A jewel of a city: Rome is known by many as the cultural capital of Europe, exhibiting the best of literature, art, photography, and film that Italy has to offer. The site of numerous film festivals, and home to many of the world’s most famous actors, screenwriters, and filmmakers, a visit to Rome is a truly unmissable opportunity for any film fanatic; and nowhere is Rome’s fantastic cultural scene more evident that in its superb cinemas.
No trip to this Mecca of cinema is complete without a visit to Casa del Cinema. This arthouse cinema is housed in a pavilion inside the grounds of Rome’s iconic Villa Borghese Park. The lush green leaves make for a perfectly shady canopy for the outdoor theater, which shows open-air screenings in the garden during the summer months. The indoor screen is equally breathtaking, inside the elegant pavilion which also contains an exhibition space, bookshop, and café. Films are chosen based on a themed event schedule for the different days of the week, and many of the international films are screened in their original language.
The cult following behind celebrated Roman director Nanni Moretti, who founded the cinema, ensured the popularity of Nuovo Sacher with Rome’s hipster crowds from the very beginning. A small setting and the crimson velvet of the seats give Nuovo Sacher the feel of a truly authentic arthouse cinema, and have made it a firm favorite with Rome’s young and trendy population. This is the place to experience the best of modern arthouse cinema and to discover the up-and-coming talents of European film.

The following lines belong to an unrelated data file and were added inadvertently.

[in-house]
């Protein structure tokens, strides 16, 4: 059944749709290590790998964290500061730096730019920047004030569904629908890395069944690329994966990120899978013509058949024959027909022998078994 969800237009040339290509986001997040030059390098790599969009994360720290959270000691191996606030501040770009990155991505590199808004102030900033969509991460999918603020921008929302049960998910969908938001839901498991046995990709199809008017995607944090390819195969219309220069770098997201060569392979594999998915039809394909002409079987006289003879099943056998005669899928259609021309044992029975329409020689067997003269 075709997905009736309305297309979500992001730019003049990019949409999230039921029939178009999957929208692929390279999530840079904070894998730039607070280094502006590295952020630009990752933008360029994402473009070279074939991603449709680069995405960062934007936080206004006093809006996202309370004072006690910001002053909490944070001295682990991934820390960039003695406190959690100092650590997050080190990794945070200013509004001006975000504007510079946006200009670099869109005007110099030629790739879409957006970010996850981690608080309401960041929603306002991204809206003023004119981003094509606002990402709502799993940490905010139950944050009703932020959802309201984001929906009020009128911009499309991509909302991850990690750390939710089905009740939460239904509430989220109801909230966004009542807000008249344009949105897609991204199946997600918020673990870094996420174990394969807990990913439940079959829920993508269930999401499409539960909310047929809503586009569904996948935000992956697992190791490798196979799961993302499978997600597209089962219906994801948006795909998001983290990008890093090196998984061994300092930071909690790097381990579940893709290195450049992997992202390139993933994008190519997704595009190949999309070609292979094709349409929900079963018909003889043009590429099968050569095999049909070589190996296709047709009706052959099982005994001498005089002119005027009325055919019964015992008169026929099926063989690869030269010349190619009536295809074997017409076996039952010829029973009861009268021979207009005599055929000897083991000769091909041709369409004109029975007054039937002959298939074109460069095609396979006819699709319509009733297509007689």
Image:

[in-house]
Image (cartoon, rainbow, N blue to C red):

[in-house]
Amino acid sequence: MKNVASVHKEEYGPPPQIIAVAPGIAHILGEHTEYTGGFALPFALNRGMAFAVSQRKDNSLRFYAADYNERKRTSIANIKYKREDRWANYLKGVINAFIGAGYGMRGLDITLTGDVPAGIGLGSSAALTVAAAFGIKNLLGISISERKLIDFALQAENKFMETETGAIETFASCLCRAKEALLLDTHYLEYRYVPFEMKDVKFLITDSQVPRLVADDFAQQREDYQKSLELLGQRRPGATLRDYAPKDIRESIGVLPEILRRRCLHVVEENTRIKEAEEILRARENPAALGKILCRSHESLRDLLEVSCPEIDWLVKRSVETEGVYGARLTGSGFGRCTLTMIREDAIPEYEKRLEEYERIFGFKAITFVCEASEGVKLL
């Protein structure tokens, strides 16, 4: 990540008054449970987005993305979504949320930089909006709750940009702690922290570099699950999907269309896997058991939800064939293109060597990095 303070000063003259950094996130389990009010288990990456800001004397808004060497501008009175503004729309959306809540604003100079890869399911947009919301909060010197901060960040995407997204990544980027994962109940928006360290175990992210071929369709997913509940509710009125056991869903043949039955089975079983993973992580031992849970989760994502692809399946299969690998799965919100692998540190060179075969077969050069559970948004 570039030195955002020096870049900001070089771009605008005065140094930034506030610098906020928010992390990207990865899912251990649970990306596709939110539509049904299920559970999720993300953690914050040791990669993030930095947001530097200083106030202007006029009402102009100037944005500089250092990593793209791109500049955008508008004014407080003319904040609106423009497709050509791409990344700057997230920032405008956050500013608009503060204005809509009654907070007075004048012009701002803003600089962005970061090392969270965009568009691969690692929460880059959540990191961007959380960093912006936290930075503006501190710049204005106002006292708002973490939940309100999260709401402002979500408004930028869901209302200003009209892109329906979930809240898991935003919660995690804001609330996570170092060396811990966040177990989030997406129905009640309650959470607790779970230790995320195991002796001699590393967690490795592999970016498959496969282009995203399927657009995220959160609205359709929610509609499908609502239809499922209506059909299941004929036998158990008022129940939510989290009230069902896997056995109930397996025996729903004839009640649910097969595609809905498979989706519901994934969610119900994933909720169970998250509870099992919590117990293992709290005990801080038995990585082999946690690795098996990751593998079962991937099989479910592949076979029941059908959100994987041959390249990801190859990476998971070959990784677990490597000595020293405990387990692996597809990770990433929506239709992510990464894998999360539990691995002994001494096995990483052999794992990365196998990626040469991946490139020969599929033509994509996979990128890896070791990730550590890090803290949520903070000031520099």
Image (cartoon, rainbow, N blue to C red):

As soon as you cross the entrance of the Alcazar Cinema, it will feel as though time has stopped. The plush red interior and old-fashioned décor of this vintage cinema make for a perfect pairing to the timeless classics and cinematic adventures into the past that are screened here. Many international films are hosted here in their original language, as are the Italian masterpieces. Alcazar Cinema’s location, among the cobbled backstreets of Trastevere, Rome’s Jewish quarter, means that the surrounding area bursts with the same fascinating cultural feel as the cinema itself, and is a fantastic place to explore by night.
During the summer months, Rome’s river bank is transformed into a buzzing hive of activity. The area is taken over by gourmet Italian street food sellers, stylish pop-up bars, artisan craft stalls, vintage markets, live music events, exhibition spaces, and the temporary cinema space: Isola del Cinema. These all form part of the Lungo Il Tevere Festival which runs for most of June, July, and August. The pop-up cinema hosts a wide range of films, from shorts to world films, to indie favorites and world-famous classics that’ll make you fall in love with Italy. Soak up the best of the vibrant, multi-cultural atmosphere at a screening of one of the many international films shows at the Isola del Cinema.
A true curiosity of the cinematic world. For those seeking a very unique film experience in Rome: make a beeline for the Cinema dei Piccoli. This cinema, located just by the southern entrance to the Villa Borghese Park, is the world’s smallest. The bizarre chalet-style of the cinema, as well as its tiny size, lend it a wonderfully intimate atmosphere. Visit in the daytime for one of the screenings of world-class children’s films, or come in the evening to snuggle up in the cinema’s comfortable chairs for a night of great movies.
One of the most stylish and modern cinema complexes in the city, Warner Village Moderno is the best place in Rome to catch the latest Hollywood releases and major blockbusters from around the world. At this five screen complex can be found one of the widest choices of English language films in Italy. The cinema’s location, amongst the superb architecture of the stunning Piazza della Repubblica, makes for a highly chic setting. The cinema is also incredibly central and very accessible from all areas of Rome.